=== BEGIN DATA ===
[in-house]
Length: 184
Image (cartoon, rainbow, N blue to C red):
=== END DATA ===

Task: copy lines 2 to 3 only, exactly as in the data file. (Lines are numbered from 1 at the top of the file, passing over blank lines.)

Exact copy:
Length: 184
Image (cartoon, rainbow, N blue to C red):